In 2004, I was a college senior suffering from anxiety. I took an elective mindfulness course toward my psychology major, thinking it would be easy. Instead, I discovered just how unruly my mind was.
When I practiced seated mindfulness meditation, I wanted the thoughts to stop, I wanted to be able to control my attention, and I wanted to feel calm. But none of those things happened.
What is wrong with me? I wondered. I can't meditate; my mind is too busy.
Although I gave up on the formal practice of seated meditation, I noticed how much I benefited from informal practice; bringing attention to the present moment throughout the day. I noticed that I could ease my anxiety if I remembered to feel my feet on the ground or to take one intentional breath. This was often enough to take me out of the cascading/spiralling thoughts and give me a choice about how to proceed; Does it make sense to react out of fear and anxiety? Or do I have other, more skilful options?
Following a car accident a few years later, I developed chronic daily headaches and frequent migraines. I used my understanding of mindfulness to cope with the chronic pain. If I could remember to step back from my escalating and distressing thoughts (often worrying about worsening pain) and notice the present moment, I could sometimes prevent the nasty headaches from progressing into migraines.
In 2018, I took an 8-week Mindfulness-Based Stress Reduction (MBSR) class. This MBSR class provided the support I needed to develop a consistent sitting practice, busy mind and all, which has been transformative. I understood I didn't need to clear my mind or produce any special feelings when meditating. Just noticing the thoughts and feelings as they are is good enough.
As I continued with my consistent formal mindfulness practice, I began experiencing other changes in my life. I was calmer and kinder to myself and others. My relationships were more satisfying, including my relationship with myself. I found I was enjoying more of my life. In many ways, I was showing up for the first time.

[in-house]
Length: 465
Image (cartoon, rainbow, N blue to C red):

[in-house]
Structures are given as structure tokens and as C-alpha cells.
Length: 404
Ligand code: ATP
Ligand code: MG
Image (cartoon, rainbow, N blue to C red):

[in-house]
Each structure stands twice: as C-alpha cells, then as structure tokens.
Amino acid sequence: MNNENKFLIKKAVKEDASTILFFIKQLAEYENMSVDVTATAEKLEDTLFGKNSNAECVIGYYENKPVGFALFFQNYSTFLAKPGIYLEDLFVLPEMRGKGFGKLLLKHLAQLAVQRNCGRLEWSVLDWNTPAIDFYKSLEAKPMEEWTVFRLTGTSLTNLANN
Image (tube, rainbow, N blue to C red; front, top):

When I experienced a personal tragedy in 2019, I found that my practice was a life raft keeping me afloat. Despite the shock of the trauma reverberating through my world, I was grateful for the peace and wholeness I could sometimes touch in seated practice. These brief moments of reprieve gave me hope as I crawled through, and finally out of, the darkness.
Inspired by the impact of my meditation practice, I decided to pursue a graduate degree in mindfulness. In the fall of 2020, I started as a master's student in the Mindfulness-Based Approaches program in the psychology department of Bangor University. Part of our course requirement was a daily 45-minute body scan meditation.
I hadn't thought much about how the traumatic event would impact my mindfulness practice.
When I became increasingly focused and disciplined in meditation, I began to experience increased distress, overwhelming sensations, and upsetting memories. In short, the practice that had been so beneficial became fraught, complicated, scary, and destabilising.